Ayodhya land dispute: SC says live streaming of proceeding will require deliberation, institutional decision-making
Hindu parties asserted in the Supreme Court on Thursday that claims of the Muslim side over the 2.77 acre land in the Ram Janambhoomi-Babri Masjid title dispute are belied from the excavated materials that suggest existence of a "massive structure" beneath the demolished mosque.
The counsel for deity Ram Lalla said the excavated materials are a "proof beyond doubt" about the existence of the structure beneath the demolished mosque in Ayodhya while rebutting the claim of Muslim parties about the existence of an Islamic structure.
The counsel stated that from the pillar bases, artefacts, circular shrine, intersecting brickbat walls found in excavation, an inference can be drawn that the massive structure was a temple and not any Islamic structure.
A five-judge Constitution bench headed by Chief Justice Ranjan Gogoi was told by Senior Advocate C S Vaidyanathan, appearing for deity Ram Lalla, that the contention of the Muslim parties about a structure beneath the disputed site being an idgah wall or an Islamic structure was not correct.
"First their case was that there was no structure at all. Secondly, they said it was an Islamic structure or an idgah wall. We say that it was a temple which was demolished and the pillar bases found during excavation also suggest to this effect," Vaidyanathan said in his rejoinder arguments.
"That there was a massive structure beneath is a proof beyond doubt," he said.
Senior advocate Rajeev Dhavan, appearing for Muslim parties, said that as per the Archaeological Survey of India (ASI) report there is no conclusive proof or findings of destruction of a temple.
"There is no finding in the ASI report that there was a destruction of a structure. There is no proof of destruction at all in the ASI report," he said.
Vaidyanathan told the bench, also comprising Justices S A Bobde, D Y Chandrachud, Ashok Bhushan and S Abdul Nazeer, that it is the case of Hindu parties that inference can be drawn from the excavated materials which include circular shrines, pillar bases, artefacts, intersecting brick bat walls and others that it was a temple.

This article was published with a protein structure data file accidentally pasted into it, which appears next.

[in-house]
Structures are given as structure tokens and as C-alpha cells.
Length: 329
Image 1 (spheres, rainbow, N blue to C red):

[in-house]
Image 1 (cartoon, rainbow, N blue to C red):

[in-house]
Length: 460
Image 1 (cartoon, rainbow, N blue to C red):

"The walls found in the excavation are not ordinary walls. There is an indication of massive structure which was a public place. It was not a private residence. In the conclusion ASI has drawn, they have suggested existence of a massive structure and taking all this into account, it seems to be a nature of a temple," he said, adding that it was a place of significance for Hindus, who worshipped there for centuries.
At the outset, Vaidyanathan said that intersecting walls have inscriptions of some Shlokas and Makar Paranala which is considered as vehicle of Goddess Ganga.
"These are some features in the walls of a traditional Hindu temple built between 10 and 11th century," he said, adding that even the pillar bases found during excavation show that the claims of Muslim parties that it was an Islamic structure was only a conjecture.
He said the reasonable inference drawn is that it is the faith and belief that there was a Hindu temple.
Interrupting Vaidyanathan, the bench said that faith and belief about the Hindus cannot be disputed but now in evidence, what is there to establish the existence of temple.
The 36th day of hearing also saw the top court restraining the Hindu parties from placing or relying on any new materials saying it won't allow at this stage to place any new evidences.
"Just because a five-judge Constitution bench is sitting you cannot bring any new materials at this stage. The constitution bench is hearing this case because of the importance and sensitivity of the matter," the bench told senior advocate P N Mishra, appearing for one of the Hindu parties, who tried to place some scriptures on record to suggest that Hindus used to worship the place as Lord Rama Janmsthan.
The bench restrained Mishra from placing any materials and curtailed his arguments asking another senior advocate Shushil Kumar Jain to continue his arguments.
Dhavan periodically raised objections when advocates for the Hindu parties tried to bring out some new facts and materials to counter the arguments of the opposing sides.
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